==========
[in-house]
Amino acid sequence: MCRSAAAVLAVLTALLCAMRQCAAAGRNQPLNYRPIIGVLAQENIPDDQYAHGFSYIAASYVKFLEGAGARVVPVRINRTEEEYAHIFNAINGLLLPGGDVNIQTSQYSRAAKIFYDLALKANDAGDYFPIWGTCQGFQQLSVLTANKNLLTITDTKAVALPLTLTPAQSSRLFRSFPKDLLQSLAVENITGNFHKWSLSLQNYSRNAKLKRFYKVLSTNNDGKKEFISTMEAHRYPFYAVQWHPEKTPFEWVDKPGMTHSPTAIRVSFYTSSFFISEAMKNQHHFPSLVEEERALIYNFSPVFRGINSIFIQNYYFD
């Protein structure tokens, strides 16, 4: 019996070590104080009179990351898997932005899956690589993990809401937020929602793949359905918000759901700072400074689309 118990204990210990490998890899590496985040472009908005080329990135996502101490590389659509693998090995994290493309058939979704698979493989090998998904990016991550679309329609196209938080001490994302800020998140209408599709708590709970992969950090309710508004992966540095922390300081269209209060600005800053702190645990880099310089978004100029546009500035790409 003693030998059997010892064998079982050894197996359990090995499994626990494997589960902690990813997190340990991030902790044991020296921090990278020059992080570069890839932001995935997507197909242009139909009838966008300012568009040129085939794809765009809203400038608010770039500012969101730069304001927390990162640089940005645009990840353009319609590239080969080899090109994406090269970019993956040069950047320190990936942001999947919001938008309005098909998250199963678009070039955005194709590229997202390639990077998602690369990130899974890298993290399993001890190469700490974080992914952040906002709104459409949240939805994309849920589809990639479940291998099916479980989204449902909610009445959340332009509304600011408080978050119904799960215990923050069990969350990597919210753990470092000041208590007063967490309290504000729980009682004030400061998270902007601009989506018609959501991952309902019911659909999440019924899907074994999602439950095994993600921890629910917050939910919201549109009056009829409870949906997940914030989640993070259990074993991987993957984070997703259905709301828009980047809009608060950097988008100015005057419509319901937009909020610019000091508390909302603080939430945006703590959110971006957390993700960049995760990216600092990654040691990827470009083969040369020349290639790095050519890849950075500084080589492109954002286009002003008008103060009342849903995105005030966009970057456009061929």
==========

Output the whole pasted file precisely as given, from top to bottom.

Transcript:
[in-house]
Amino acid sequence: MCRSAAAVLAVLTALLCAMRQCAAAGRNQPLNYRPIIGVLAQENIPDDQYAHGFSYIAASYVKFLEGAGARVVPVRINRTEEEYAHIFNAINGLLLPGGDVNIQTSQYSRAAKIFYDLALKANDAGDYFPIWGTCQGFQQLSVLTANKNLLTITDTKAVALPLTLTPAQSSRLFRSFPKDLLQSLAVENITGNFHKWSLSLQNYSRNAKLKRFYKVLSTNNDGKKEFISTMEAHRYPFYAVQWHPEKTPFEWVDKPGMTHSPTAIRVSFYTSSFFISEAMKNQHHFPSLVEEERALIYNFSPVFRGINSIFIQNYYFD
């Protein structure tokens, strides 16, 4: 019996070590104080009179990351898997932005899956690589993990809401937020929602793949359905918000759901700072400074689309 118990204990210990490998890899590496985040472009908005080329990135996502101490590389659509693998090995994290493309058939979704698979493989090998998904990016991550679309329609196209938080001490994302800020998140209408599709708590709970992969950090309710508004992966540095922390300081269209209060600005800053702190645990880099310089978004100029546009500035790409 003693030998059997010892064998079982050894197996359990090995499994626990494997589960902690990813997190340990991030902790044991020296921090990278020059992080570069890839932001995935997507197909242009139909009838966008300012568009040129085939794809765009809203400038608010770039500012969101730069304001927390990162640089940005645009990840353009319609590239080969080899090109994406090269970019993956040069950047320190990936942001999947919001938008309005098909998250199963678009070039955005194709590229997202390639990077998602690369990130899974890298993290399993001890190469700490974080992914952040906002709104459409949240939805994309849920589809990639479940291998099916479980989204449902909610009445959340332009509304600011408080978050119904799960215990923050069990969350990597919210753990470092000041208590007063967490309290504000729980009682004030400061998270902007601009989506018609959501991952309902019911659909999440019924899907074994999602439950095994993600921890629910917050939910919201549109009056009829409870949906997940914030989640993070259990074993991987993957984070997703259905709301828009980047809009608060950097988008100015005057419509319901937009909020610019000091508390909302603080939430945006703590959110971006957390993700960049995760990216600092990654040691990827470009083969040369020349290639790095050519890849950075500084080589492109954002286009002003008008103060009342849903995105005030966009970057456009061929």